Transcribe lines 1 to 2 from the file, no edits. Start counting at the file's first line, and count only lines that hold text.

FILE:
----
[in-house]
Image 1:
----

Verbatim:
[in-house]
Image 1: